New Orleans The protracted negotiations about whether or not to allow your house to be a movie set are fascinating. They proceeded on two fundamental levels. One is the practical and usual calculation of risk versus rewards. The other is more subtle and involves whether you have lost your mind to even consider allowing any of this in the first place because it involves privacy and possessiveness about your own living space as well as simple things like whether or not your own home will be habitable for a week, and where should you and the dog actually sleep.
Interestingly, the promoters, like organizers everywhere in all kinds of endeavors, try to distract your basest concerns by luring you into the magic of movies. None of the operators ever made the case that this was a sacrifice for art’s sake, because it would have been ludicrous on its face and a bridge too far. On the other hand I found it fascinating as the negotiations came closer to fruition that one tactic to move us to the bottom line, especially as our feet started dragging was to share with us the Vimeo clips showing something called the “sizzle reel” and the “story boards.”
Having been raised in the country that spawned the Disney phenomena and unleashed the mouse people and others around the world along with the lands they lived in, most of our generation has a passing familiarity with story boards from the countless expositions of how sophisticated animation is done. Chasing Moksha was of course way more basic, if not rudimentary. It was helpful, but surprisingly static. A number of boards focused on startled or vacuous looks of the main character, presumably giving the actors more hints at what was intended. A number of boards involved driving in a car. I never noticed one that was set anywhere in a house, so in that sense it was fascinating but unfulfilling.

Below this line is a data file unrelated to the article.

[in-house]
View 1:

On the other hand I’d never heard of a “sizzle reel,” so that sounded like a key into a secret room of film fun. In fact now having seen one, I imagine it is mainly useful for sales pitches and establishing context. It was a mashup of various movie scenes that were thought to give people a sense of where Chasing Moksha would fall in filmography like Ferris Bueller’s Day Off and Napoleon Dynamite. I recognized a few clips, most of which gave the sense that the film would be about someone who is not only lost but inept with a wildly exaggerated and unrealistic sense of what he is capable of doing. I wouldn’t invest in the flick after seeing the sizzle reel, but I had a much better idea of what I was generally going to see in the film.
What sold me, if I could be so presumptuous as to say artistically, was the concept of “moksha.” Vinod Shetty of ACORN India explained to me on Skype that “moksha” was a Sanskrit word and concept that meant something like “freedom.” I liked that.
Wikipedia took “moksha” to another level.
In Indian religions and Indian philosophy, moksha (Sanskrit: मोक्षmokṣa)…means emancipation, liberation or release.In the soteriological and eschatological sense, it connotes freedom from …the cycle of death and rebirth. In the epistemological and psychological sense, moksha connotes freedom, self-realization and self-knowledge. In Hindu traditions, moksha is a central concept and included as one of the four aspects and goals of human life; the other three goals are dharma (virtuous, proper, moral life), artha (material prosperity, income security, means of life), and kama (pleasure, sensuality, emotional fulfillment).The concept of moksha is found In Jainism, Buddhism and Hinduism.
I liked that even more, so they didn’t have me from hello, but I wasn’t far behind, because, frankly chasing freedom, liberation, knowledge, and the like sounds like a worthy mission. We could do our small part, Ferris and Napoleon Dynamite be damned.